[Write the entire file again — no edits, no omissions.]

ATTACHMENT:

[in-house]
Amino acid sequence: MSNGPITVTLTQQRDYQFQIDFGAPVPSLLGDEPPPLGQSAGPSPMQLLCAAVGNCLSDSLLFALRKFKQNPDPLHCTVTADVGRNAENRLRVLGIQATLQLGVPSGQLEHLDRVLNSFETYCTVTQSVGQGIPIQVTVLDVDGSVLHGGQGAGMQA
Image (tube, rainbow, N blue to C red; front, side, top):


[in-house]
Amino acid sequence: MSNGPITVTLTQQRDYQFQIDFGAPVPSLLGDEPPPLGQSAGPSPMQLLCAAVGNCLSDSLLFALRKFKQNPDPLHCTVTADVGRNAENRLRVLGIQATLQLGVPSGQLEHLDRVLNSFETYCTVTQSVGQGIPIQVTVLDVDGSVLHGGQGAGMQA
Image (tube, rainbow, N blue to C red; front, side, top):